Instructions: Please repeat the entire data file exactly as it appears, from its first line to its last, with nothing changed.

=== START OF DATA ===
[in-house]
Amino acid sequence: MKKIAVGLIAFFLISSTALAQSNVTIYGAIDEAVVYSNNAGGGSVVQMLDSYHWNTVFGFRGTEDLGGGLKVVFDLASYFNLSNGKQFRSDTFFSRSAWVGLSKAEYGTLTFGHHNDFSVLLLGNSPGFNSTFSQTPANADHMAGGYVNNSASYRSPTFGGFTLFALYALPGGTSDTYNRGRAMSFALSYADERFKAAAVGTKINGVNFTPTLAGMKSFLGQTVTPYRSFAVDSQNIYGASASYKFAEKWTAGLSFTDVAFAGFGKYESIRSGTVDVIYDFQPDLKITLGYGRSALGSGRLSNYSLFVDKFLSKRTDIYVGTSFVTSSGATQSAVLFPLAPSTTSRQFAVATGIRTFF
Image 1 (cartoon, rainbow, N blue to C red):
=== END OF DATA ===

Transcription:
[in-house]
Amino acid sequence: MKKIAVGLIAFFLISSTALAQSNVTIYGAIDEAVVYSNNAGGGSVVQMLDSYHWNTVFGFRGTEDLGGGLKVVFDLASYFNLSNGKQFRSDTFFSRSAWVGLSKAEYGTLTFGHHNDFSVLLLGNSPGFNSTFSQTPANADHMAGGYVNNSASYRSPTFGGFTLFALYALPGGTSDTYNRGRAMSFALSYADERFKAAAVGTKINGVNFTPTLAGMKSFLGQTVTPYRSFAVDSQNIYGASASYKFAEKWTAGLSFTDVAFAGFGKYESIRSGTVDVIYDFQPDLKITLGYGRSALGSGRLSNYSLFVDKFLSKRTDIYVGTSFVTSSGATQSAVLFPLAPSTTSRQFAVATGIRTFF
Image 1 (cartoon, rainbow, N blue to C red):